Structure and people

The Data Stewardship integrative activity will be organized around a coordination team (task force). The data stewardship coordination team will comprise representatives from PAGES working groups engaged in major data-related activities, plus liaisons of the SSC, other data stewardship initiatives, and public paleodata archives. The team will be responsible for implementing the specific goals of the Data Stewardship integrative activity.


1. Building and Harnessing Open Paleodata

This issue of Past Global Changes Magazine "Building and Harnessing Open Paleodata" was published in November 2018 and showcases the ongoing growth of a rich variety of openly available, globally distributed paleodata.

2. 1st PAGES webinar - LiPD

PAGES hosted its first webinar on Wednesday 17 October 2018 which focused on the Linked Paleo Data framework (LiPD). Nick McKay from Northern Arizona University, USA, was the presenter.
Watch a recording of the full webinar here on PAGES' YouTube channel.

3. Development of a community standard for paleoclimate data and metadata.

In collaboration with the EarthCube-supported LinkedEarth project, this activity promoted the development of a community standard for paleoclimate data and metadata. The Workshop on Paleo Data Standards (22-23 June 2016, Boulder, USA; read workshop report) initiated a process of community engagement and feedback elicitation. Archive-centric working groups discussed the components of a data standard for their specific field. These were reviewed by the community, and eventually a vote will be carried out to ratify the proposed standard, and presented in a peer-reviewed publication.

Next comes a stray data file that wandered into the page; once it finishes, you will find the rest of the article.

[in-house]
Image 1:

Project website:

4. Two special issues of Climate of the Past

Two special issues are part of the PAGES Data Stewardship initiative:
1. "Climate of the past 2000 years: regional and trans-regional syntheses" from the 2k Network. Access it here.
2. "Global Challenges for our Common Future: a paleoscience perspective" from PAGES' 3rd Young Scientists Meeting in 2017. Access it here.

5. 2nd PAGES Webinar - Promoting FAIR principles at NOAA’s WDS-Paleo

PAGES hosted its second webinar on Wednesday 27 May 2020 with the World Data Service for Paleoclimatology (WDS-Paleo). Carrie Morrill from WDS-Paleo was the presenter.
Watch a recording of the full webinar here on PAGES' YouTube channel.

6. PAGES Magazine workshop report

> Paleoclimate data standards (vol.24, no.1)


Updates from LinkedEarth, June 2017

Julien Emile-Geay and Nick McKay represented LinkedEarth at PAGES OSM in Zaragoza in May 2017. It was a mad rush pushing all 692 PAGES 2k datasets on the wiki prior to the event, but our wonderful team made it happen. The data collection is growing every day, slowly but surely. You can find Nick's LiPD manifesto here and Julien's ode to geoinformatics here.

We are heartened to see that many PAGES working groups are either already using LiPD/LinkedEarth as a key component of their data stewardship plans, or planning on doing so. On that note, we welcome the Floods and Historical documents working groups, and are excited for OC3 to be taking LinkedEarth for a test drive at the OC3 Workshop in Corvallis, OR from 27-29 June 2017. Deborah will shepherd the OC3 group through its first LinkedEarth data drive. Plus, USC student Jun Hu will be in Dublin for the PAGES SISAL workshop to show what magic can happen when speleothem data are stored in LiPD.